Cox will serve Mediterranean- and Middle Eastern-inspired fare, much of it cooked over a wood-fired grill and incorporating Pacific Northwest ingredients. Homer also sells soft serve ice cream in cups and cones from a walk-up window, with flavors like fig leaf and vegan nectarine.
Cox wants Homer, located at 3013 Beacon Avenue S, to become a neighborhood staple. The menu features items like pitas and spreads, grilled vegetables, local shellfish, and larger protein dishes intended to be shared. “Expect lots of herbs, yogurts, fermented items, chiles and chile oils, spices, smoked items, interesting vinegars, and pickles,” he says.
Despite his tenure at Matt Dillon’s respected Sitka and Spruce, Cox says he isn’t going to mimic Sitka’s high-end, destination-restaurant feel. Instead, he plans to keep prices low and create a space that’s casual, family-friendly, and, hopefully, a neighborhood staple. “It’s the kind of place that I’d want to eat at everyday and will be priced accordingly,” Cox says; dishes range from $6 to $22. “No plate of food should cost more than that, in my opinion. We live in this ’hood and love Beacon Hill. We want [it] to feel like we’re part of the fabric of the neighborhood and not something that sticks apart from it.”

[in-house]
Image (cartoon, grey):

Homer takes its name from the town in Alaska where Cox and his wife spent a long summer and solidified their relationship. It’s also the name of their dog, who will be “poking his head into the restaurant from time to time,” Cox says.